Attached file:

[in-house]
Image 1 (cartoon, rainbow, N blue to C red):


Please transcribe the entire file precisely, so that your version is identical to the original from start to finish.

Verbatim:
[in-house]
Image 1 (cartoon, rainbow, N blue to C red):